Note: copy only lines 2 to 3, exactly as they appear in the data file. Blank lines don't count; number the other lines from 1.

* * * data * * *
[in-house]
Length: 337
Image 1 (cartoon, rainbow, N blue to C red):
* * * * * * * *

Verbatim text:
Length: 337
Image 1 (cartoon, rainbow, N blue to C red):